Despite the fact that three of Hollywood's most popular actresses were billed together on the same screen, they got along surprisingly well on the set. In fact, when a photo shoot was getting ready to happen, Betty Grable noticed that Marilyn Monroe's toenails needed painting. So, wanting Monroe to look her best, Grable took some of her own polish and painted Monroe's toenails herself.
Signed to Twentieth Century-Fox since October 25, 1939, Betty Grable informed studio chief Darryl F. Zanuck during production that she would not commit to the remaining three years of her latest contract. On June 3, 1953, a studio press release announced the official split. Returning only once to Fox, Betty would star in How to Be Very, Very Popular (1955), a vehicle in which Marilyn Monroe refused to appear and was replaced by Sheree North. Two unfulfilled proposals to have Grable film again at Fox were the mother role (subsequently played by Ginger Rogers) in Teenage Rebel (1956) and then in 1964, another mom part in a project ultimately canceled called "High Heels."
As the film was close to wrapping up production, everyone was confident that it had gone well and that they had made a delightful movie. "We'll be through with the picture early next week and what I've seen of it looks pretty good in this new CinemaScope", wrote Nunnally Johnson in a letter to a friend. "It's a larkish story, the girls look very beautiful, and its purpose is to see if something indoors and with just two or three people can look good on the new wide screen."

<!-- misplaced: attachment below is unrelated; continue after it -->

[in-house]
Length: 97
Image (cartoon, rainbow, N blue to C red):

During the exterior shots at the beginning of the movie, the camera pans up to a street sign that reads "Sutton Place" outside the building where the girls rent their apartment. Marilyn Monroe actually lived at 2 Sutton Place on the Upper East Side. She shared a penthouse apartment there with her husband, playwright Arthur Miller. Their apartment was recently listed for sale in June of 2016 with an asking price of $6.75 million.
Zoe Akins's play, "The Greeks Had a Word for It," opened on Broadway in New York City on 25 September 1930 and closed in May 1931 after 253 performances. The opening-night cast included Verree Teasdale, Muriel Kirkland and Dorothy Hall. Dale Eunson's and Katherine Albert's play, "Loco," opened on Broadway on 16 October 1946 and closed on 16 November 1946 after 37 performances. The opening-night cast included Jean Parker as Loco. Parts of this play were added to beef up Betty Grable's part in the movie.